Canoe resident points to plywood plant’s economic benefits to the community and says criticisms are unjustified. (File photo)

Canoe resident points to plywood plant’s economic benefits to the community and says criticisms are unjustified. (File photo)

Letter: Resident says concerns about Shuswap plywood plant unfair

Canoe man points to longtime economic benefits to the community

In regards to the bark, sludge and smoke concerns from a few residents that live along the lakeshore on 75th Avenue NE, I have this to say. I also live along the same foreshore. Yes there is debris that accumulates along the shore. And yes, some comes from the plywood plant but you can not tell me that every thing that ends up on your beach is coming from there.

The plywood plant does not manufacture leaves, seaweed, grasses and other detritus that, when broken down, resembles a sludgy matter. The bark and logs that wash up on your beach, the plywood manager has stated that they would come and haul it away.

There is not a beach on any lake, sea or ocean that does not have debris washing up on its shores. I personally think that if cleaning the beach of debris was of such a concern, then maybe I would have built elsewhere.

As to Mr. Cumming’s views on the condition of the beach years ago, I agree it was sandy. But Mr Cumming must realize there was a resort there and it was maintained by Mr. Brooks who was, at that time, allowed to harrow it and keep the weeds down.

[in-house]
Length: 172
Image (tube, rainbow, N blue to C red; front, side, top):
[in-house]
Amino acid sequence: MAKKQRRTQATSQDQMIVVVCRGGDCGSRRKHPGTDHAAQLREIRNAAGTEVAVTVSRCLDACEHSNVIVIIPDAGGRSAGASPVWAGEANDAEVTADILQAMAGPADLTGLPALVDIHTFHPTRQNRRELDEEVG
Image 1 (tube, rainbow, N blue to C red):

Today you are not allowed to take a machine onto the beach as of fisheries order. As for mud, I have lived here all my life and as a kid I swam out from the resort area and had mud and seaweed fights and, believe me, the mud was very prevalent then as it is now. 

Like any unkempt area, be it a house, foreshore or any other area, it will revert back to nature. The grass will grow, the leaves and other material will accumulate and you have a perfect growing medium, plywood plant or not.

To me this seems more like an attack on one of our major employers (even though it has changed hands) who throughout the years has been responsible for the livelihood of, in my case, three generations of employees. I have nothing but gratitude for an operation that has contributed so much for our community.

As for dry decking of logs, I won’t get into that as as it is obvious there is no understanding of the industry.

Brian Lund,


Read more: Neighbours target Salmon Arm plywood plant over concerns about bark, sludge, smoke

Read more: 2019 – Shuswap’s Canoe Forest Products plywood plant to cut costs over Christmas 

Read more: High lumber prices good for two of Salmon Arm’s larger employers
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